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Database management system |Relational Data Model Concepts

7.0 Relational Data Model Concepts

By SHD TECHPublished about a year ago 4 min read

7.1 Relational Data Structure

In relational data model, a database is represented as a collection of relations. A relation can be considered as a table of values. Each row in a table corresponds to a real world entity or a relationship. A relation has;

• A name: to identify the relation in the database uniquely

• An unchanging set of columns: Named and typed to identify each column in the relation uniquely and to specify the type of data that can be stored in that column (this specifies the value domain of the corresponding attribute)

• A set of rows: Changed over the time, which represents the entities

Figure 7.1: Relational Data Structure

7.2 Relational Model Terminology

There are several standard terms used in relational data models which will be used through out the course, and also whenever you work with databases practically.

Therefore it is of utmost important to know what these terms are, and be able to use the terms appropriately. Let’s take them one by one and see how they go par with the relational concept.


− A column of a relation

− Name of the attribute specified the role of the column in the relation

− Bound with a domain which represents the set of values it may take.


− A set of atomic values which are invisible to the user

− Represents a meaning (Eg: set of Student Index Numbers

− Reveals a format (type) (Eg: a 6 digit integer within the range of 054001 to 054114


− A row of a relation

− a set of values which are instances of the attributes of a relation

− represents a real world entity

Relation Schema

− used to describe the relation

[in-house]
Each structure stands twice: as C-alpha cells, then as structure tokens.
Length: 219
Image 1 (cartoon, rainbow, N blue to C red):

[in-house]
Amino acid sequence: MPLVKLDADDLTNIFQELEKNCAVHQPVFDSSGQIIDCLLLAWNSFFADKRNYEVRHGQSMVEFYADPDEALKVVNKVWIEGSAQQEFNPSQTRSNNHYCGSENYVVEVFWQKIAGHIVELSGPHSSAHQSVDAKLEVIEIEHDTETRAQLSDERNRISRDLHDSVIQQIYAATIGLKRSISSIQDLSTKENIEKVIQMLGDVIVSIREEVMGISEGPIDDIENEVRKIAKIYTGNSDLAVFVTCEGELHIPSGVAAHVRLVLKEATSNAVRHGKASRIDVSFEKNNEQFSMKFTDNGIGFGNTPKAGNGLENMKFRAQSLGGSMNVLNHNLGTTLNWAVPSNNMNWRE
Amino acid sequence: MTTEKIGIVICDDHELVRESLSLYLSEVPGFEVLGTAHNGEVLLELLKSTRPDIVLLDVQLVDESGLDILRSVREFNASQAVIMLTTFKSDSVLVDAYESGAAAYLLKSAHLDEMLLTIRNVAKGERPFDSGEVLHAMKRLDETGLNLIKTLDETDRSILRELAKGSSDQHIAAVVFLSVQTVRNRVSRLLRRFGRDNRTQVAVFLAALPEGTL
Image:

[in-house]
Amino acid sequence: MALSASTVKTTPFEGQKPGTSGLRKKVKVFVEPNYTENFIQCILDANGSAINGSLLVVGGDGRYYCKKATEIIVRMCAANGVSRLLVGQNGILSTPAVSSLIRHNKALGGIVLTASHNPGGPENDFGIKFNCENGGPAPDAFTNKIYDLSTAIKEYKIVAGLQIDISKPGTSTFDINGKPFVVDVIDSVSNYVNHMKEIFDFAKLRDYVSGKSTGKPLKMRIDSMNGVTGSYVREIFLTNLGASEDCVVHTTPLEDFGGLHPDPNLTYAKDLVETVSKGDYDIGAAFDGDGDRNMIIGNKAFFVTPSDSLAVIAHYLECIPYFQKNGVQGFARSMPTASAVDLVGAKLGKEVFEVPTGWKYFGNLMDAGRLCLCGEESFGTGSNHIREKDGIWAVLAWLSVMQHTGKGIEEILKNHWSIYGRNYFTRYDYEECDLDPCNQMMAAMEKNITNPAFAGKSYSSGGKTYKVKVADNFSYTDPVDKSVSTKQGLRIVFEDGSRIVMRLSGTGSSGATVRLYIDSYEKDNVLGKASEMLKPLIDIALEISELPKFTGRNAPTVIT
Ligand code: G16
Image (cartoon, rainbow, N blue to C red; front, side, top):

Eg: Student(StID, Name, Address, Course)

Relational database schema

− Set of relation schemas together with a set of Integrity Constraints. (Note: We will discuss about the integrity constraints in the next lesson)


− The set of tuples which accords with the relation Schema (defined on a number of attributes)

Degree of Relation

− The number of attributes in the given relation schema

Cardinality of Relation

− The number of Tuples in the relation


− A set of attributes whose value uniquely identify each tuple of a relation

Candidate Key

− Any attribute which satisfy the above definition (which is unique for each row)

− There may be many keys for a given relation

Eg: Student(StID, Name, Address, Course, NICNo)

StID and NICNo are candidate keys

Primary key

− One candidate key is chosen to identify the tuples uniquely

− Underlined

Eg: Student(StID, Name, Address, Course, NICNo)

Alternate Keys

− Candidate keys other than the primary key field

Eg: In the student relation, NICNo is an alternate key

Composite Key

− When more than one attribute is required to identify a tuple uniquely, the resulting primary key is referred to as concatenated primary key or a composite


Eg: BookCopy(BookID,CopyID, Description…)

Foreign Key

− Considered with relationships among relations

− Attributes used to cross-reference tuples using their primary key values

− Primary key of the referenced table is the foreign key in the referencing table (table in which it is embedded

Figure 7.2: Keys - Example

7.3 Characteristics of a Relation

Though it is not prominently indicated, the relational concept is very much backed up by the set theory, and therefore most of the characteristics can be discussed with related to the set theory. In addition, there will be some other characteristics to consider as well. Let’s take one by one and discuss.

1. Tuples cannot be duplicated

− Tuples are a set. Elements in a set are distinct

− Must be checked for the uniqueness when;

  • a new tuple is added
  • a value is modified
  • a new relation is created as a restriction of an old one

− Primary key should always exists

2. Tuples are unordered

− Tuples are a set. Elements in a set are not ordered

− A table is only a representation of a relation

− How ever, physical storage of a relation is a file of records, therefore must have an order

3. Values within a Tuple are unordered

− At logical level, ordering of the values is not important

− Tuple is an ordered list of values corresponds to attributes in the relational schema. Therefore ordering is important specially at the implementation level

4. All values are atomic

− Multi-valued attributes should be further simplified into atomic valued attributes

5. Unknown values are represented as Null Values in Tuples

− A special value used to represent the values in attributes which are either unknown or not applicable to the tuple. Indicates one of the following

o Value Unknown

o Value exist but not available

o Attribute does not apply to this tuple

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